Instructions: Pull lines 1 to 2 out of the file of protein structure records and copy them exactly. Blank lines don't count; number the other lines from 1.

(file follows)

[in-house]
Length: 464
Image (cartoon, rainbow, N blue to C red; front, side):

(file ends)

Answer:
[in-house]
Length: 464